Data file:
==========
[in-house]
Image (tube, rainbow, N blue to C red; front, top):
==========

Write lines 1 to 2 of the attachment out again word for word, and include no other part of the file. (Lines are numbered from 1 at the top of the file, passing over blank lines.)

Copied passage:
[in-house]
Image (tube, rainbow, N blue to C red; front, top):